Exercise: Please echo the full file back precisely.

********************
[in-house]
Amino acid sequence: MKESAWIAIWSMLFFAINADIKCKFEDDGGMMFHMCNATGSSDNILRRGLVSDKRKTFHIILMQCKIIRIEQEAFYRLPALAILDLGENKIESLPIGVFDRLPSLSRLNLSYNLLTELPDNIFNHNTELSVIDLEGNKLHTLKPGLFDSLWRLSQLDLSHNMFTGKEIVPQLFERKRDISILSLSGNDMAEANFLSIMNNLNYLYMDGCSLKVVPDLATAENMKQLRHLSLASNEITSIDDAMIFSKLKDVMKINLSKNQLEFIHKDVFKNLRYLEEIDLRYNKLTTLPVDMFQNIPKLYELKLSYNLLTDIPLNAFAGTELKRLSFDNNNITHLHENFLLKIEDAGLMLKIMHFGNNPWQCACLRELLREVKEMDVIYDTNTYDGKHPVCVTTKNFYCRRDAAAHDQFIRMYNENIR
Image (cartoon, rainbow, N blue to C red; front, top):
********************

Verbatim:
[in-house]
Amino acid sequence: MKESAWIAIWSMLFFAINADIKCKFEDDGGMMFHMCNATGSSDNILRRGLVSDKRKTFHIILMQCKIIRIEQEAFYRLPALAILDLGENKIESLPIGVFDRLPSLSRLNLSYNLLTELPDNIFNHNTELSVIDLEGNKLHTLKPGLFDSLWRLSQLDLSHNMFTGKEIVPQLFERKRDISILSLSGNDMAEANFLSIMNNLNYLYMDGCSLKVVPDLATAENMKQLRHLSLASNEITSIDDAMIFSKLKDVMKINLSKNQLEFIHKDVFKNLRYLEEIDLRYNKLTTLPVDMFQNIPKLYELKLSYNLLTDIPLNAFAGTELKRLSFDNNNITHLHENFLLKIEDAGLMLKIMHFGNNPWQCACLRELLREVKEMDVIYDTNTYDGKHPVCVTTKNFYCRRDAAAHDQFIRMYNENIR
Image (cartoon, rainbow, N blue to C red; front, top):